Facebook CEO Mark Zuckerberg caved to internal and external pressure and once again changed Facebook policies. He declared his platform will be “adopting some new policies to prohibit a wider category of hateful content in ads.”
In a June 26 livestream Zuckerberg said his company does “believe that there is a public interest in allowing a wider range of free expression in people’s posts than in paid ads.” However, he also acknowledged that while the company restricts what is allowed in ads, “we want to do more here to prohibit the kind of divisive and inflammatory rhetoric that is being used to sow discord.”
Zuckerberg has been hounded relentlessly by activist organizations and his own employees for not censoring the president of the United States, even after a $10 million donation to social justice groups.
President Donald Trump threatened a crackdown on the violent riots tearing apart the country with fire, looting, and racial attacks. And his critics furiously demanded he be banned from social media. Zuckerberg responded at the time that while he disliked Trump’s “divisive and inflammatory rhetoric,” he explained that he is responsible for reacting "not just in my personal capacity but as the leader of an institution committed to free expression.”
Facebook’s Hate Speech policy was already enormous and complex. It states the company defines hate speech as “a direct attack on people based on what we call protected characteristics — race, ethnicity, national origin, religious affiliation, sexual orientation, caste, sex, gender, gender identity, and serious disease or disability.”
Zuckerberg made clear that his platform would, as of today, be “adopting some new policies to prohibit a wider category of hateful content in ads.” He specified that this covers prohibiting “claims that people from a specific race or a specific ethnicity or national origin or religious affiliation or caste or sexual orientation or gender identity or immigration status, any claim that they are a threat to the physical safety or health or survival of anyone else.”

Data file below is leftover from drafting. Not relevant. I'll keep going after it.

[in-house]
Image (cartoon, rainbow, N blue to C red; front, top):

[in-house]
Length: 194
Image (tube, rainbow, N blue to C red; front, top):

He also declared that Facebook will be changing its politics “to better protect immigrants, migrants, refugees and asylum seekers from ads that suggest that these groups are somehow inferior, or ads that are expressing contempt or dismissal or disgust directed at them.”
Zuckerberg also vowed that Facebook would “ban posts that make false claims saying ICE agents checking for immigration papers at polling places,” a claim which he suggested is a “tactic used to discourage voting.” What Zuckerberg intends to say here is unclear, considering the fact that illegal immigrants can not legally vote.
Zuckerberg is a complicated figure when it comes to free speech. He later expressed in a post to his Facebook page additional notes concerning his Facebook live comments. In the post he wrote that he is “committed to making sure Facebook remains a place where people can use their voice to discuss important issues, because I believe we can make more progress when we hear each other.” However, he also made clear that “I also stand against hate, or anything that incites violence or suppresses voting, and we're committed to removing that no matter where it comes from.”
Zuckerberg announced in an earlier post on June 26 that he would broadcast an update on “some of the racial justice work we announced on June 5th, the latest work related to our civil rights audit, and a number of additional steps we're taking to prepare for the 2020 elections.”
Conservatives are under attack. Contact Facebook headquarters at 1-650-308-7300 or 1-650-543-4800 and demand that the platform provide clarity on “hate speech”: Today, hate speech means anything liberals don’t like. Silencing those you disagree with is dangerous. If companies can’t tell users clearly what it is, then they shouldn’t try to regulate it. If you have been censored, contact us at the Media Research Center contact form, and help us hold Big Tech accountable.